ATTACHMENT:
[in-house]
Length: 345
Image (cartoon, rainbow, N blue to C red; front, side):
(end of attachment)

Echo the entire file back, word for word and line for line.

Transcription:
[in-house]
Length: 345
Image (cartoon, rainbow, N blue to C red; front, side):